blogging by Andrew Wickliffe

Billie Holiday (1991)


Billie Holiday begins with a biographical essay by Francis Marmande. It’s from the 2000 Casterman edition. The original trademark is 1991, so Billie Holiday has had some editions, some revisions. At least in the packaging. Because Marmande’s essay, glancing through it, appears to give the reader a thoughtful, understanding quick biography of Billie Holliday.

The subsequent comic itself doesn’t do anything along those lines. There’s some connective tissue because the players can be the same, but José Muñoz and Carlos Sampayo aren’t really doing a biography. They’re doing biographical sketches, but there’s a lot going on.

For example, I wasn’t expecting Billie Holiday to have a guest apperance from Muñoz and Sampayo’s famous detective, Alack Sinner, but he’s here. He’s integral. At the end of the story, he’s maybe the most important character.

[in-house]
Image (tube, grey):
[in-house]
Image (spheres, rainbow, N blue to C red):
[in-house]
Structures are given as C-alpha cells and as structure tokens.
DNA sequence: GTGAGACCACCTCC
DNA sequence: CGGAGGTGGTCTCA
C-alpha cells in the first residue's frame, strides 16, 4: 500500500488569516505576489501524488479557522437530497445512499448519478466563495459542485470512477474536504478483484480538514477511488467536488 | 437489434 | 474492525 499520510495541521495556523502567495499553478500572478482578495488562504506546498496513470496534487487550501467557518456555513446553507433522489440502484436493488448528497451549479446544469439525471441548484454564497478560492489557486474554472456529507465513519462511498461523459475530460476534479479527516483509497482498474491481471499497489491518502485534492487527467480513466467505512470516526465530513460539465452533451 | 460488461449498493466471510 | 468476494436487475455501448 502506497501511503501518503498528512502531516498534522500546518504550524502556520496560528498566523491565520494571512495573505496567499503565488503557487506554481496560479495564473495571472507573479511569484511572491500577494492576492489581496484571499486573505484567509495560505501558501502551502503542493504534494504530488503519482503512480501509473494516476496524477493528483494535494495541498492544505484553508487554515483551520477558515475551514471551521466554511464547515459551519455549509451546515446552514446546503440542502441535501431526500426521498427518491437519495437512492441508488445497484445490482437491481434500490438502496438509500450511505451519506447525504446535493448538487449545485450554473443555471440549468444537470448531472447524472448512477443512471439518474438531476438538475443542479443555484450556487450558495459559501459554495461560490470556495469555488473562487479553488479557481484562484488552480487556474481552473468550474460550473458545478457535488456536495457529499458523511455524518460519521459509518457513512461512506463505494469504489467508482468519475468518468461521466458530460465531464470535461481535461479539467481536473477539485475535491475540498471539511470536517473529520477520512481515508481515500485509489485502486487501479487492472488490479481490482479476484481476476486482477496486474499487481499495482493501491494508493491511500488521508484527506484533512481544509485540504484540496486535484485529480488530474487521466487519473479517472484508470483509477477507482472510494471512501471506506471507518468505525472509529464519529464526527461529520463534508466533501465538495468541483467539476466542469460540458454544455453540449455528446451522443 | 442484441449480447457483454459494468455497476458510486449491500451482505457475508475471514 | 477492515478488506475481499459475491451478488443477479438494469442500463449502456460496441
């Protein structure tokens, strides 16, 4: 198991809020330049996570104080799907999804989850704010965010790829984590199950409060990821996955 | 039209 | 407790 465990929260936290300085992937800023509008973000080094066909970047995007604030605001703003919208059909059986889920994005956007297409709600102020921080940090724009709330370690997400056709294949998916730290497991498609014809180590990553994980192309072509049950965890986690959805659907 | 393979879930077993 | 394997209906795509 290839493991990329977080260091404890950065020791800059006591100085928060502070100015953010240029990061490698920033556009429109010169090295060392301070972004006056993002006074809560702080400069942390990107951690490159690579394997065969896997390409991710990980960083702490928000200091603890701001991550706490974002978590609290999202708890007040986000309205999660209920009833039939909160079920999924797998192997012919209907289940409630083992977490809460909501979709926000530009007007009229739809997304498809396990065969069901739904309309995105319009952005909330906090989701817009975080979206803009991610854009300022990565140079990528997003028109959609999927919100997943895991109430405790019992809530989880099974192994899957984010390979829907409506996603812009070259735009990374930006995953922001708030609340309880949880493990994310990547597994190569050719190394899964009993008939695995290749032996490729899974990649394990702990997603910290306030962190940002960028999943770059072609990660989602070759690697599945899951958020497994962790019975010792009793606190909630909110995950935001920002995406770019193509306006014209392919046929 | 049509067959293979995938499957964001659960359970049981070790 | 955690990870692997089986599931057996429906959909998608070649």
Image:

The structure is already convulted before Alack shows up. It’s about a reporter who has until morning to write about Billie Holiday. He’s a square white dude writing the story before sunrise. Billie Holiday, thirty years later. The reporter–who’s either nameless or should be–writes the biography, apparently, with nothing but veiled racism and class hatred. In the reporter’s story, Holiday is a dangerous drug addict. In the flashbacks, she’s this tragic figure, constantly abused by the men in her life. And since the flashbacks chop around, there’s nothing much but that abuse. When Alack arrives and gets a frame of his own into the story–he was one of the cops present at her death–his profound reaction to the anniversary overpowers the rest of Holiday.

The reporter is an obnoxious, loathsome idiot. Holiday’s tragic. Wonderful and tragic. She’s not really a character though. She’s not a dangerous drug addict, sure, but Sampayo doesn’t really want to get much further into her head. So she’s never a character. She’s the subject, nothing more. And she’s not subject to too close an inspection.

At least not narratively.

The art? Well, Muñoz is having a grand time. He’s ambitious and nimble and overindulgent and breathtaking. It’s a gorgeous comic.

And it’s a good comic.

It’s just a non-fiction Alack Sinner spin-off, which is strange and not the best way to do a biography.

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